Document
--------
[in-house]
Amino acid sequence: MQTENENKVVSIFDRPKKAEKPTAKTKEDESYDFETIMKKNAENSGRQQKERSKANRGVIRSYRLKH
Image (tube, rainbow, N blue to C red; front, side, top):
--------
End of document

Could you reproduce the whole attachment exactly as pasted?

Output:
[in-house]
Amino acid sequence: MQTENENKVVSIFDRPKKAEKPTAKTKEDESYDFETIMKKNAENSGRQQKERSKANRGVIRSYRLKH
Image (tube, rainbow, N blue to C red; front, side, top):